An article in Slate puts an interesting and scary angle on the devices police and prosecutors rely on to help them prove guilt. The computer code in those devices is, for the most part, locked away behind confidentiality agreements or kept as trade secrets as the intellectual property of the company that makes the device.
I’ve talked about this before in reference to the cops’ secrecy in using Stingray cell-tracking devices. As pointed out in the Slate article, secret computer code lets companies show the “answer” without showing their work, as Volkswagen was recently caught doing with its diesel cars.
Technologies like breathalyzers, drug field test kits, and red light cameras are used by police and prosecutors as magic “guilt-o-meters” – an impartial piece of evidence that shows a person’s guilt. These devices are produced by for-profit companies and then sold to counties and cities in a bidding process. The elected officials in charge of deciding what company gets awarded a contract aren’t immune to bribery – the CEO of Redflex Traffic Systems, Chicago’s largest red light camera vendor, just pleaded guilty to bribery charges involving city officials.
Even when outright bribery’s not involved, the county and city governments look at red light cameras and crime enforcement as revenue streams. If company A promises that they will generate more revenue than company B that’s a big selling point. And one of the easiest ways to guarantee more revenue is to tweak the rules, by altering how your device operates, ever so slightly in your favor.
Here’s an example: a red light camera company and the city commission decide to lower the duration of yellow lights by 0.1 seconds below the minimum standard time without telling anyone. Although it doesn’t seem like much, the 0.1 second difference resulted in $8 million more in red light ticket revenue for the city in a six month period. Sound far fetched? It happened a year ago in Chicago.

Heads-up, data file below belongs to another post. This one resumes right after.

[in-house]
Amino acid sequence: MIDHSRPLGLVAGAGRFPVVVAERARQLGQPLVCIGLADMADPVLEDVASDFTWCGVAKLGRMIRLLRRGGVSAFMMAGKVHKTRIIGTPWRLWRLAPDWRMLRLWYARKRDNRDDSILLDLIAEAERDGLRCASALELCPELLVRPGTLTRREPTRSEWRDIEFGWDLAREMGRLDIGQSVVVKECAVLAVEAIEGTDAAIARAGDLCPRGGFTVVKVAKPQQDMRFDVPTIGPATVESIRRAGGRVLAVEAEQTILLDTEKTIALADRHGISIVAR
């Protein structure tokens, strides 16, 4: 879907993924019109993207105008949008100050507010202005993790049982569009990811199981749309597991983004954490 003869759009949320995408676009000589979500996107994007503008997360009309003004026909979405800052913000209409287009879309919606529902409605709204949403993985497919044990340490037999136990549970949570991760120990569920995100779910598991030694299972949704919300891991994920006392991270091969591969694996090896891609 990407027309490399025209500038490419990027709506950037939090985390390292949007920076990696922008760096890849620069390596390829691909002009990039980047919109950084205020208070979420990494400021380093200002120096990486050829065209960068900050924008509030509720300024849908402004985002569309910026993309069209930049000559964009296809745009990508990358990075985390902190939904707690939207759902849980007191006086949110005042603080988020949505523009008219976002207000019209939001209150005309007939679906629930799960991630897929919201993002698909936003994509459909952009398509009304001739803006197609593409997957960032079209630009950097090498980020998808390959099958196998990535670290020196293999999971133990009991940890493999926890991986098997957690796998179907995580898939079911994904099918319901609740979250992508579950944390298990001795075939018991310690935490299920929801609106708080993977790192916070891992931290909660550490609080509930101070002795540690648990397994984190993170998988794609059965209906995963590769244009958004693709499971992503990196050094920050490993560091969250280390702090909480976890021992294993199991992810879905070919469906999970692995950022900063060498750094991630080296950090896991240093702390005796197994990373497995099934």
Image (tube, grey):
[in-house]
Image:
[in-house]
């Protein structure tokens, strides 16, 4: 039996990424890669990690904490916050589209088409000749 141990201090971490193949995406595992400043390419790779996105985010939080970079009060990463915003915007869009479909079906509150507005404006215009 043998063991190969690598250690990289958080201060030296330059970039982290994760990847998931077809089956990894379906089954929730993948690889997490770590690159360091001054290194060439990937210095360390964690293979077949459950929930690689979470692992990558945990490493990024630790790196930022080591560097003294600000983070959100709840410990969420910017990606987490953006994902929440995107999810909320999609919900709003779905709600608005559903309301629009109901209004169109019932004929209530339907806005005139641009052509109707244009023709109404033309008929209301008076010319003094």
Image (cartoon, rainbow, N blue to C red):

What if the company supplying a police department with field drug test kits could say that their kits returned more “positives” than any other? What if a positive field drug test gave the officers probable cause to seize the suspect’s car, cash, and other items under the civil asset forfeiture rules?
What if one company could sell their breathalyzer as getting more “0.08’s” which would lead to more solid DUI cases and therefore more court fines?
“But!” You say, “the police departments have to check things like breathalyzers on a regular basis. That way they know the results are accurate.” That’s true. But consider that the software found in Volkswagen’s diesel cars wasn’t designed just to make the cars put out more emissions all the time, it was designed to make the cars meet emissions standards only when tested, and to cheat on the test. This is what Cory Doctorow presciently called the “Internet of Things That Lie” – that our reliance on regulation (like testing breathlyzers) “is based on the idea that people lie, but things tell the truth.”
Courts and prosecutors depend on their guilt-o-meters telling the truth. But the inner workings of their guilt-o-meters remain hidden from view. Again, from Doctorow:
Without transparency, we put every accused criminal at the mercy of a justice system that runs on robotic witchfinders’ accusations instead of evidence.
Lawyers get to cross examine people – again, based on the idea that people lie. But things subject to regulation, like breathalyzers, are supposed to be taken on faith. Until we let people accused of crimes and their lawyers take a look at the inner workings of the prosecutor’s magic guilt-o-meters, we’re doing a disservice to justice.